12

13 Goal #1 Goal #2

14 Methods of Collection Keep as much of their body square to the ball as possible at all times. Hand Positions: Hands in a comfortable position Half way up or down Use the same starting position all the time Note: With young players often the ball is too large for their hands. If they try to catch the ball, it will slip through their hands and into the goal. Teach the “W” for high balls and the “M” for balls below the waist.

15 Methods of Collection Ground Balls Bend at the waist Go to one knee
Keep eyes on the ball Hands form the “M” Ball runs over the hand and up the arms Gather the ball to the chest Stand up straight Put the ball away Goalkeepers need to: Bend at the waist to scoop up low balls keeping their legs together. Another method is to go to one knee. Always keep their eyes on the ball as it approaches. Hands form the “M”. Let the ball run over the hand and up the arms. Gather the ball to the chest. Stand up straight. Put the ball away.

16 Methods of Collection High Balls Extend the arms and use the
hands to take speed of ball Use the “W” hand extended As the ball hits, bend elbows to cushion the force of the shot Put the ball away Goalkeepers need to: Extend the arms and use the hands to take speed of ball. Use the “W” hand extended. As the ball hits, bend elbows to cushion the force of the shot. Put the ball away.

17 Methods of Collection Waist high balls Catch with the body
Body collapses/ Takes force Arms to make a pocket Try not to catch it with their hands Put the ball away Waist high balls Goalkeepers need to: Catch with the body. Catch the ball as it comes into the body. Let the body collapse to take some of the force away. Use the arms to make a pocket, have the keeper not try to catch it with their hands. Put the ball away.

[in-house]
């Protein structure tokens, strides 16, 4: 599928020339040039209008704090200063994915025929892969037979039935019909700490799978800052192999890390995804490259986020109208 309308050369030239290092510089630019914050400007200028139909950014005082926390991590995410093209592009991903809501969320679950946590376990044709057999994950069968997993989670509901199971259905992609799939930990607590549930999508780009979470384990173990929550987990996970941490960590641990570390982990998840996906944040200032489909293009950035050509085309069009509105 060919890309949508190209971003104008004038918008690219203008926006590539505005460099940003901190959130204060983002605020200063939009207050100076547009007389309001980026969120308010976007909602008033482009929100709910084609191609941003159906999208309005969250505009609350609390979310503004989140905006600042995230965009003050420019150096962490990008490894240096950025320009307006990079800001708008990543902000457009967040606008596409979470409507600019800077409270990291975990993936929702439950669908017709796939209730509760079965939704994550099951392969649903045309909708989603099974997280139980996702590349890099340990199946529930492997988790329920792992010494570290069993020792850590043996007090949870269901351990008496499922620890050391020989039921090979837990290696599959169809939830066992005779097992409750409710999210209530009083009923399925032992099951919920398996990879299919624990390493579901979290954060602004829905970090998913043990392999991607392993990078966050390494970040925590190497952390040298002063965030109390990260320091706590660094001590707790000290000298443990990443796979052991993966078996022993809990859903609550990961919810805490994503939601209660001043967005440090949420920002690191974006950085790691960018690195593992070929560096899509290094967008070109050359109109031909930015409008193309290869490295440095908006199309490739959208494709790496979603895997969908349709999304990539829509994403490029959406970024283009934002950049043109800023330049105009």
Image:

18 Goalkeeper Distribution
Technical Coaching Points Hands and Feet

19 Goalkeeper Distribution
Bowling Accurate short   Cradled with hand and forearm Step towards & bring arm back Swing arm low to the ground Quick & Smooth Follow through Hands Bowling accurate short range (1-20 yards) distribution  Ball is cradled with hand and forearm. Keeper steps towards target as the arm are brought back. Arms swing like a pendulum low to the ground. Ball is released quickly but smoothly on the ground. Arm and back leg come forward to follow through.

20 Goalkeeper Distribution
Baseball Throw Intermediate style   Palm of the throwing hand Keeper steps toward target Body gets low to the ground Ball is thrown hard and low Follow through Ball may skip An accurate, intermediate style (20‑40 yards) distribution  Ball is in the palm of the throwing hand. Keeper steps toward target Body gets low to the ground Ball is thrown hard and low Throwing arm and back leg follow through. Ball will take one or two skips before smoothing out.

21 Goalkeeper Distribution
Sling Throw Medium/Long range Side Position Point towards target Cradle Ball Keep arm straight Release point Backspin Follow through Sling Throw Medium to long range (20‑50+ yards) distribution  Body is in a side on position to the target. Front arm is pointing to the target. Back aim has ball cradled between the hand and forearm. Front foot steps toward the target while back leg pushes off. Throwing arm is kept straight and is brought over the top of the head in vertical arc. Ball is released at about the top of the arc and comes off the finger tips last. There should be backspin on the ball to help maintain accuracy. Throwing arm and leg follow through and finish in front of the body.

22 Goalkeeper Distribution
Half Volley Long, quick, and manageable distribution Timing is the key The ball must be struck just as it hits the ground Too early? Too late ?  Release of the ball Plant foot Kicking foot/leg swings straight back Upper body The kicking leg swings forward with the toe pointed down The contact surface on the foot is the middle to upper foot on the laces Half Volley Technical Coaching Points If done properly it can give the keeper the ability to play a long, accurate, quick and manageable distribution.  Timing is the key. The ball must be struck just as it hits the ground. Too early and it becomes a punt that is hit low. Too late and it will probably come off the shin and go about 15 yards. The ball is released from the hand(s) at waist height or below Plant foot is placed next to the spot where the ball will hit the ground Kicking foot/leg swings straight back Upper body is bent slightly forward and the head is steady and the eyes are focused on the ball The kicking leg swings forward with the toe pointed down The contact surface on the foot is the middle to upper foot on the laces

23 Goalkeeper Distribution